So did Erik and Kenny work you guys to death in the studio? “Those dudes are awesome. It’s almost more that they worked us hard in pre-production to get everything ready for the studio, that’s been our new plan of attack. Those guys will call bullshit on us and basically be like [adopts gruff, producer’s voice] ‘Do you guys wanna make a record that sounds like you guys live?’ and we have to play these songs like a hundred times before we even go into the studio; we need to have demos done a month before we go in – by the time we get there it’s as if we’ve toured this record already. That kind of idea was really rad because when it came to coming into the studio I knew all the lyrics off by heart, everyone was playing everything from muscle memory the same way we would if were recording a radio session for Dead Set on Living, or Bears or Hail; we’re so road-worn with all of those songs, we can just bang it out in one take. So how do we get to that point before the record’s even out? It was having those dudes really push us to be at that level of comfort with the songs. It was a really cool way of doing things.”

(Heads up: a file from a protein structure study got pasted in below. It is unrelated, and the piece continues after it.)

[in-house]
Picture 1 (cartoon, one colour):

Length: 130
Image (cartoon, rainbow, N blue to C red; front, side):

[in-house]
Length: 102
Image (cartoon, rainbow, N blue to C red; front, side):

Which also means that the Australian Cancer Bats shows will tight as the proverbial miser’s purse, surely a boon for any hardcore metal fan? The phone-nazi comes on the line to tell me I’ve got a minute to go. Quick! Tell me where you’ll go with the next album; of course, Liam has no idea – the new album’s only just come out: “It’s definitely not something we’ve started thinking of; we still have probably 500 more shows before we start thinking about that.”. Fair enough.
I let Liam get back to the rest of his interviews, his remaining 500 shows and his plans for tonight’s Kerrang Awards ceremony. It’s going to be messy, you can be sure.